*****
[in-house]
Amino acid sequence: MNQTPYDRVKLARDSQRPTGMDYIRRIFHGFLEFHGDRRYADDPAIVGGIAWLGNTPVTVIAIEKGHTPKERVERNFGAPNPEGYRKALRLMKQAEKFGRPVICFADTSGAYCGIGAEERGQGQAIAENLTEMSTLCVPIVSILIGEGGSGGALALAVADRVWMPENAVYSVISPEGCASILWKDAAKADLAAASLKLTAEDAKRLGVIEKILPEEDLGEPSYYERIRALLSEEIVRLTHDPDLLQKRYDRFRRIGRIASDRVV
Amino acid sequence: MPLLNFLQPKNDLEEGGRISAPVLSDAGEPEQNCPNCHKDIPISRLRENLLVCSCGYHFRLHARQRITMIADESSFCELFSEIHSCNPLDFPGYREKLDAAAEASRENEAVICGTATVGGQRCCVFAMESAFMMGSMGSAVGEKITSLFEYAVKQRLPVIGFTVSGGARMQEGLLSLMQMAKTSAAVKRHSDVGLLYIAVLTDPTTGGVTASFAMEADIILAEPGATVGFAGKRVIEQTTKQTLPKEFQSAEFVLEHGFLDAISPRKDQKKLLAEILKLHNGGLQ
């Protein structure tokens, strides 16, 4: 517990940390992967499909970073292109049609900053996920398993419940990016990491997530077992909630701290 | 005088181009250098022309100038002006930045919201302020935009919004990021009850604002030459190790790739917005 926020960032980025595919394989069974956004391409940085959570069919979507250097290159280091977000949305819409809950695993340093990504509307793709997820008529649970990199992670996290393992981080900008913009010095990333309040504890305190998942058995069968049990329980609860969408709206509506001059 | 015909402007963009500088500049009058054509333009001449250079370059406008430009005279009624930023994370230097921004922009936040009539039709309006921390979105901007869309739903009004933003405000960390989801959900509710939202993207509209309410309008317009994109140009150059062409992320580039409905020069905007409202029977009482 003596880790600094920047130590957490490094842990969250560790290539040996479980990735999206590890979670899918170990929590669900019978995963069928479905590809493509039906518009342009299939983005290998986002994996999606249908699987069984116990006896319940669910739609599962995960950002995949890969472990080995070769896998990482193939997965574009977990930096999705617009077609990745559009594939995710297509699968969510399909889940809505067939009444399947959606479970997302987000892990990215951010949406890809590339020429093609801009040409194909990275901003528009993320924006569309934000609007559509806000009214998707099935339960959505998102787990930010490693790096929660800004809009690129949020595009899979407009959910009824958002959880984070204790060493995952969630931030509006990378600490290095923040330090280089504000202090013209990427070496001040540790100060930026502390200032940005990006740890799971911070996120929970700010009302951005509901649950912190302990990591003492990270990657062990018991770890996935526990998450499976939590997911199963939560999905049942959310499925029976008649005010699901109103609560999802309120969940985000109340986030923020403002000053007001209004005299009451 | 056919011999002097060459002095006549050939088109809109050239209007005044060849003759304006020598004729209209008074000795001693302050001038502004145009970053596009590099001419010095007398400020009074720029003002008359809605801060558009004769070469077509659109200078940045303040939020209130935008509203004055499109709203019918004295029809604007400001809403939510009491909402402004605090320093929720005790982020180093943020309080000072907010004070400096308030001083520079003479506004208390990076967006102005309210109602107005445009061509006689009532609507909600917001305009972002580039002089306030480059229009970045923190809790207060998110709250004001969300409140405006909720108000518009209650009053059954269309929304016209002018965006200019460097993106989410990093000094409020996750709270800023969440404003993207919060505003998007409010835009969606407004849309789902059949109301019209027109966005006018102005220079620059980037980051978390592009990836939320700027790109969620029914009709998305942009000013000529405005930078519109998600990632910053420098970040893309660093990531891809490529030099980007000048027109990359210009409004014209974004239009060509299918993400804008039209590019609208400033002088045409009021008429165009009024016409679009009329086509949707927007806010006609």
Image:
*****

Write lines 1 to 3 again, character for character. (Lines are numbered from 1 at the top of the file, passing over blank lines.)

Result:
[in-house]
Amino acid sequence: MNQTPYDRVKLARDSQRPTGMDYIRRIFHGFLEFHGDRRYADDPAIVGGIAWLGNTPVTVIAIEKGHTPKERVERNFGAPNPEGYRKALRLMKQAEKFGRPVICFADTSGAYCGIGAEERGQGQAIAENLTEMSTLCVPIVSILIGEGGSGGALALAVADRVWMPENAVYSVISPEGCASILWKDAAKADLAAASLKLTAEDAKRLGVIEKILPEEDLGEPSYYERIRALLSEEIVRLTHDPDLLQKRYDRFRRIGRIASDRVV
Amino acid sequence: MPLLNFLQPKNDLEEGGRISAPVLSDAGEPEQNCPNCHKDIPISRLRENLLVCSCGYHFRLHARQRITMIADESSFCELFSEIHSCNPLDFPGYREKLDAAAEASRENEAVICGTATVGGQRCCVFAMESAFMMGSMGSAVGEKITSLFEYAVKQRLPVIGFTVSGGARMQEGLLSLMQMAKTSAAVKRHSDVGLLYIAVLTDPTTGGVTASFAMEADIILAEPGATVGFAGKRVIEQTTKQTLPKEFQSAEFVLEHGFLDAISPRKDQKKLLAEILKLHNGGLQ